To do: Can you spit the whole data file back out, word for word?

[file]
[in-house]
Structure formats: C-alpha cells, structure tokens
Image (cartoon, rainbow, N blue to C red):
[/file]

[in-house]
Structure formats: C-alpha cells, structure tokens
Image (cartoon, rainbow, N blue to C red):